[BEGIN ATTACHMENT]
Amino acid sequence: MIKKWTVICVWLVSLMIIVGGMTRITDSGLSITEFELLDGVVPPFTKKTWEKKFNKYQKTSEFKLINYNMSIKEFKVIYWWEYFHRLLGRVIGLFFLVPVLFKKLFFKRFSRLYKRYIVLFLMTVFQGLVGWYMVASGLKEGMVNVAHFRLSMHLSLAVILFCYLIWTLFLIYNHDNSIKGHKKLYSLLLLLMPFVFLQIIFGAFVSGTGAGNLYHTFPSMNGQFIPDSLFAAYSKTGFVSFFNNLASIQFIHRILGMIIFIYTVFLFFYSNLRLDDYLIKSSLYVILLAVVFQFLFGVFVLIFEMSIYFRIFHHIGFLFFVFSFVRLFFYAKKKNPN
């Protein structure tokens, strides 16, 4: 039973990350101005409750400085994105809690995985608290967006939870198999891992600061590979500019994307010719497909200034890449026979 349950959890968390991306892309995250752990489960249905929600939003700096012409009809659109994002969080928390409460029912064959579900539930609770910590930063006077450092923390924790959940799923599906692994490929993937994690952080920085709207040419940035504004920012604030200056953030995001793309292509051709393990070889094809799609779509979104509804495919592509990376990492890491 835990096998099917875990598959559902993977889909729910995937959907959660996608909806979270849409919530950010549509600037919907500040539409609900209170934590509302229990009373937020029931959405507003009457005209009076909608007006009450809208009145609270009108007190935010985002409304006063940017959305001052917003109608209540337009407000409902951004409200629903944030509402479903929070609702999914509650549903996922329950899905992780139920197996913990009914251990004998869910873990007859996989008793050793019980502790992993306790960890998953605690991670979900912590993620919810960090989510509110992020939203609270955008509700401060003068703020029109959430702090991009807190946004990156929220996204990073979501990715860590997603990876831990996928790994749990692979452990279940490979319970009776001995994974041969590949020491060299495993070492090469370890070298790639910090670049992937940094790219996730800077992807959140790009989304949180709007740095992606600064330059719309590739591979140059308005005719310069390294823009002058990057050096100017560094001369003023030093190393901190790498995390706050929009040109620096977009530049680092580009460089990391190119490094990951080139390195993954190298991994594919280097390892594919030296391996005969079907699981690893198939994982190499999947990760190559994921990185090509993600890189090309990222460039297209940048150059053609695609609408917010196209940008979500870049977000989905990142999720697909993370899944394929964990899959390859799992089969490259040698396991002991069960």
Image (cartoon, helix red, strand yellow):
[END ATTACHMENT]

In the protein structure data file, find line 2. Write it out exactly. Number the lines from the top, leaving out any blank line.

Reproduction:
């Protein structure tokens, strides 16, 4: 039973990350101005409750400085994105809690995985608290967006939870198999891992600061590979500019994307010719497909200034890449026979 349950959890968390991306892309995250752990489960249905929600939003700096012409009809659109994002969080928390409460029912064959579900539930609770910590930063006077450092923390924790959940799923599906692994490929993937994690952080920085709207040419940035504004920012604030200056953030995001793309292509051709393990070889094809799609779509979104509804495919592509990376990492890491 835990096998099917875990598959559902993977889909729910995937959907959660996608909806979270849409919530950010549509600037919907500040539409609900209170934590509302229990009373937020029931959405507003009457005209009076909608007006009450809208009145609270009108007190935010985002409304006063940017959305001052917003109608209540337009407000409902951004409200629903944030509402479903929070609702999914509650549903996922329950899905992780139920197996913990009914251990004998869910873990007859996989008793050793019980502790992993306790960890998953605690991670979900912590993620919810960090989510509110992020939203609270955008509700401060003068703020029109959430702090991009807190946004990156929220996204990073979501990715860590997603990876831990996928790994749990692979452990279940490979319970009776001995994974041969590949020491060299495993070492090469370890070298790639910090670049992937940094790219996730800077992807959140790009989304949180709007740095992606600064330059719309590739591979140059308005005719310069390294823009002058990057050096100017560094001369003023030093190393901190790498995390706050929009040109620096977009530049680092580009460089990391190119490094990951080139390195993954190298991994594919280097390892594919030296391996005969079907699981690893198939994982190499999947990760190559994921990185090509993600890189090309990222460039297209940048150059053609695609609408917010196209940008979500870049977000989905990142999720697909993370899944394929964990899959390859799992089969490259040698396991002991069960």